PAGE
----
29. Mr. Kundalia has dismissed the reliance placed on the NCLAT judgments of Neelkanth Township and Construction Pvt. Ltd. (supra) and Bharti Finance and Infrastructure Ltd. (supra) relied on by Ms. Chatterjee as having no persuasive value before this court and also for the reason that both these judgments were passed by the NCLAT prior to the promulgation of the impugned order dated May 12, 2020. He has also rebuffed the reliance placed on Hitendra Vishnu Thakur (supra) to argue that new disabilities have not been created retrospectively with the promulgation of the impugned order since in his interpretation, Section 7(3) (a) of the IBC, 2016 specifically mandates from the onset that a financial creditor shall alongwith the application under Section 7 furnish the record of default recorded with the IU. On the interpretation of section 7, he has submitted that the term “as may be specified” refers to all three classes of documents that precede the term. He submitted that the record of default recorded with the IU is the only document that has been specified in the regulations, and therefore, the same is mandatory. According to him, there are no specific regulations with regard to “such other record” and “evidence of default”. In light of the same, he submits, that the NCLT has only reiterated the position under the IBC, 2016.

30. On the point of “evidence of default”, Mr. Kundalia has placed his reliance on Izhar Ahmad Khan –v- Union of India, AIR 1962 SC 1052, to submit that there are two categories of law that are well known, that is, substantive and procedural law wherein evidence is a part of the procedural law. Taking this argument forward he submits that evidence being part of procedural law falls within the powers of the tribunal to regulate its own procedure within the ambit of Section 424 of CA, 2013.

31. Mr. Kundalia, has also chosen to rely on the following judgments, to buttress his arguments pertaining to retrospective application of the impugned order:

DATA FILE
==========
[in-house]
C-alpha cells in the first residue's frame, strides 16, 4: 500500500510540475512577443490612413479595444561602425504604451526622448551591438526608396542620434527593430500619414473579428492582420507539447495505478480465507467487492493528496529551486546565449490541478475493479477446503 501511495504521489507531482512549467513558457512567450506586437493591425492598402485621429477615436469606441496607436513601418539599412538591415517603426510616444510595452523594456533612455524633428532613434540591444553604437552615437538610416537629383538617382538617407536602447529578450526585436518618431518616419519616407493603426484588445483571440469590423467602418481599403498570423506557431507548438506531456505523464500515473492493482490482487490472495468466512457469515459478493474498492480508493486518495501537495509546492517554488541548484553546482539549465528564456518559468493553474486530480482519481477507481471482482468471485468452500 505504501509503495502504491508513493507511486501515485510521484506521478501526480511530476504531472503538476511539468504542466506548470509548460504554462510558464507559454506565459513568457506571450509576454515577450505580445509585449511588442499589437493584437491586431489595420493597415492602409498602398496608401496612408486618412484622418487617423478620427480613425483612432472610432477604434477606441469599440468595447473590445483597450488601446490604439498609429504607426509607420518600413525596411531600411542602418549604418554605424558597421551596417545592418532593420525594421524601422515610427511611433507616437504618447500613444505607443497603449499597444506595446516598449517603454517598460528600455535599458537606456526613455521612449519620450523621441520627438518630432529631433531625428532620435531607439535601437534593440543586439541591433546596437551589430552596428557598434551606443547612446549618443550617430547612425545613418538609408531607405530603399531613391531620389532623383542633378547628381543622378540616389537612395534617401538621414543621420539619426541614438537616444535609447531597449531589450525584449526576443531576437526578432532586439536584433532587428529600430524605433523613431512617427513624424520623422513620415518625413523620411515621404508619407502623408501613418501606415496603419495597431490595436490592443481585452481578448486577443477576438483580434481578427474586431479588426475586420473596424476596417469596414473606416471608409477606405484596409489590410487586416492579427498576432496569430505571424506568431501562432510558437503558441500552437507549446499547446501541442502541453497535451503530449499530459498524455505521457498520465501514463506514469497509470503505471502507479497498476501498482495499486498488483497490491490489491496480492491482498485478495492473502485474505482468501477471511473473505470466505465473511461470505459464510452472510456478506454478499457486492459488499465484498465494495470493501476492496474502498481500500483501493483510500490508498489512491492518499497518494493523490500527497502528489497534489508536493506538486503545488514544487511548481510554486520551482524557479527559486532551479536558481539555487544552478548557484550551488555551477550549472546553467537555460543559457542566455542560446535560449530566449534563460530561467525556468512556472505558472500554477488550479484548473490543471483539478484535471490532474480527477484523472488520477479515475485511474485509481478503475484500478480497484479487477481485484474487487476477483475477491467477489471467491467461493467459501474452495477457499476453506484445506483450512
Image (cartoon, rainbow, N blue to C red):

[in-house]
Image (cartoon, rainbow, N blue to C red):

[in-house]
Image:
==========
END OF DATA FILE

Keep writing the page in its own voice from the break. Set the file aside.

i. Shyam Sunder –v- Ram Kumar & Anr., (2001) 8 SCC 24,

ii. Gurbachan Singh –v- Satpal Singh, (1990) 1 SCC 445,

iii. K. Kapen Chako –v- Provident Investment Co. Ltd., (1977) 1 SCC 593,

iv. New India Assurance Co. Ltd. –v- Smt. Shanti Misra, Adult., (1975) 2 SCC 840.

32. Mr. Kundalia had also drawn my attention to Regulation 1(3) of the CIRP Regulations, 2016 which allows a fast-track process under Chapter IV of Part-2 of the IBC, 2016. He had argued that the petitioners, represented by Ms. Bhuteria, had not made out a case that their case falls within and/or qualifies to be processed under Section 55(2) of the IBC, 2016.

33. Mrs. Bhuteria, in her supplementary note of written arguments, has strongly rebuffed this line of argumentation, drawing the attention of the Court to Regulation 2(1) (a) of the CIRP Regulations, 2016 which clearly defines an applicant filing an application, under Section 7 of the IBC, 2016. She has categorically stated that they do not wish to apply under Chapter IV of Part II of IBC but wish to do so under Section 7 of the IBC, 2016. In her opinion, the said chapter has no relevance in this case.

34. I have heard the learned counsels appearing on behalf of both the parties at length and perused the materials that they have been placed on record.

35. Let me commence with the process of adjudicating the vires or propriety of the impugned order by reproducing the same below:

****

ORDER

All concerned are directed to file default record from Information Utility alongwith the new petitions being filed under section 7 of Insolvency and Bankruptcy Code, 2016 positively. No new petition shall be entertained without record of default under section 7 of IBC, 2016

The Authorized Representatives/Parties in the cases pending for admission under aforesaid section of IBC also directed to file default record from Information Utility before next date of hearing.

This issues with approval of Hon’ble Actg. President.

(Shiv Ram Bairwa)
Registrar

****

Analysis on the “Powers of the NCLT’:

36. At the very outset, I would like to examine the extent of the powers granted to and available with the NCLT and NCLAT. It was as far back as 1963 when the Constitution Bench of the Supreme Court in Engineering Mazdoor Sabha –v-Hind Cycles Ltd., AIR 1963 SC 874 had noted: